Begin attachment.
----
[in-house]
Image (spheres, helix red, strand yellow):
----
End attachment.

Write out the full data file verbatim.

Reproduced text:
[in-house]
Image (spheres, helix red, strand yellow):